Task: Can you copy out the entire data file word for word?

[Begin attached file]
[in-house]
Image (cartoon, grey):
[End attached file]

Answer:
[in-house]
Image (cartoon, grey):